Here's the home of 2018's 'Image of the Month' pictures. Enjoy!
Image of the Month for August 2018: The Planets - Sweet!
Over the summer I have been imaging these four planets, Venus, Mars, Jupiter and Saturn as they have all been in the favourable positions in the last few months. That said, Mars and Saturn have been very low, making imaging a challenge. A major dust storm has also stripped Mars of much of its detail, despite this being the closest approach it will make to earth for a century or so. Click the image for more detail.
Image of the Month for July 2018: Meteor!
Something rather different this time, a meteor trail detected by picking up the return from the Graves Space Radar in southern France. The horizontal axis is frequency and the vertical is time. The 'blob' is the static trail left behind by the meteor, and the thin trail is the 'head' of the meteor moving across the sky and dropping in frequency due to doppler shift. This was probably an 'Arieted' meteor coming in low from west.
Image of the Month for June 2018: Io transiting Jupiter
The moon Io pases in front of Jupiter, casting its shadows on the clouds below, on 5 May 2018.
Image of the Month for May 2018: Markarian's Chain
Revisiting the subject of an earlier image of the month, with much more natural colour and greater detail, delivered by a combination of cooling, guiding and longer total exposure.
Image of the Month for April 2018: The Lunar X and V in Colour
In February it was almost perfect observing conditions for the two well-known ‘lunarisms’ the ‘X’ and ‘V’. These are both effects caused by crater rims/ridges that reach up above the lunar shadow. They can both be seen along the lower part of the lunar terminator (the line between light and shadow).
I used my astro-modded and cooled Canon 450D (although the cooling was switched off) with a Celestron C90 Maksutov on a hybrid bresser/skywatcher EQ mount. Despite being a small scope this gives a near ideal match of resolution with sensor so works well for the bright moon, with the advantage that distortion due to poor seeing is minimised compared to my larger newtonian.
98 RAW frames were pre-processed in PIPP using AHD debayering and preserving the colour information to give centred and cropped 16-bit TIFFs.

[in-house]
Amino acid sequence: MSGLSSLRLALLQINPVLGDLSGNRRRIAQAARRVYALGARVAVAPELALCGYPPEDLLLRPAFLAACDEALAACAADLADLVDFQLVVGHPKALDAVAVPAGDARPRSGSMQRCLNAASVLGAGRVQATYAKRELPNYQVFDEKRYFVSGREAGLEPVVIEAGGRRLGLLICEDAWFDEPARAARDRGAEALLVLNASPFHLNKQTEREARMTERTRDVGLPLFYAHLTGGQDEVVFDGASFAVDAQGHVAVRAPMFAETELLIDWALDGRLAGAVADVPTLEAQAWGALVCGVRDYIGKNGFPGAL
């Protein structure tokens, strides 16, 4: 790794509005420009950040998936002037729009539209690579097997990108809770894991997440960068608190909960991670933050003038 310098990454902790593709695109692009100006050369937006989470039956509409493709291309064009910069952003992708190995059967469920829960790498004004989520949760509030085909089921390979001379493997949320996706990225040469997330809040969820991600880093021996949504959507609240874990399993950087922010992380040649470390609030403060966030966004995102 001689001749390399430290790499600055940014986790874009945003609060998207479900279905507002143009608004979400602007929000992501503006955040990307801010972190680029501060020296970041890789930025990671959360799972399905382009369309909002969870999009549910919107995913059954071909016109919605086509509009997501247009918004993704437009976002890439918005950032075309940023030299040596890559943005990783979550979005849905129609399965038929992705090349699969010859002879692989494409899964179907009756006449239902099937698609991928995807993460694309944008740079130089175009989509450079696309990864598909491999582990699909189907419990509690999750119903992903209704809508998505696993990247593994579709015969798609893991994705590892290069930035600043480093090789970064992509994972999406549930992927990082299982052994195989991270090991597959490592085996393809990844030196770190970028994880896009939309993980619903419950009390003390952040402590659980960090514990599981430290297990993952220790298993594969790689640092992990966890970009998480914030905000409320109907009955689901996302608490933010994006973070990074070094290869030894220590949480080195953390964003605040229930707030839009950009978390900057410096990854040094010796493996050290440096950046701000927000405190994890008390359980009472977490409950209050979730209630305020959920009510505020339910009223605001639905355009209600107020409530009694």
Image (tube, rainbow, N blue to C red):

These were stacked in Autostakkert3! using rather large (200 pixel) boxes. 60% of frames were stacked. The resulting image was duplicated. One was processed as a ‘conventional’ mono image with a relatively light hand – adjustment of curves to reduce the contrast between the rim and terminator, noise reduction was unnecessary, followed by Lucy-Richardson deconvolution. As the image was already sharp a combination of a small kernel with stronger than usual deconvolution was successful and did not create artefacts, notably no ringing was created along the rim, often a problem with deconvolution.
The second image was also adjusted to reduce contrast and using a temporary high-saturation layer the colour balance was adjusted, the main requirement being reducing the red content to compensate for the astro-modification of the camera. The high saturation layer was then removed. Cycles of a soft light + luminance layers process to gently increase saturation were applied – this approach is less likely to ‘blow out’ colours and keeps them more faithful than simply increasing saturation.
The mono version of the image was then applied over the colour one as a luminance layer and merged down.
I am very pleased with the final image as it captures one of the classic moments in the moon’s monthly phases and faithfully demonstrates the faint colours of the lunar surface without over exaggerating them.
Image of the Month for March 2018: The Horsehead and Flame Nebulas in Ha
This is a 7nm hydrogen alpha narrowband image taken using a cooled and astromodified Canon 450D with a special Baader filter.
Image of the Month for February 2018: The Rosette Nebula
Revisiting one of the most remarkable objects in the sky, blending a 7nm hydrogen alpha narrowband image with a one-shot colour image, both taken with the modified and cooled Canon 450D. Using the Ha layer reduces the stars (small ones disappear) and highlights the nebula which is composed of hot hydrogen.
Image of the Month for January 2018: The California Nebula
The California Nebula, a narrowband Ha image combined with a one-shot colour image.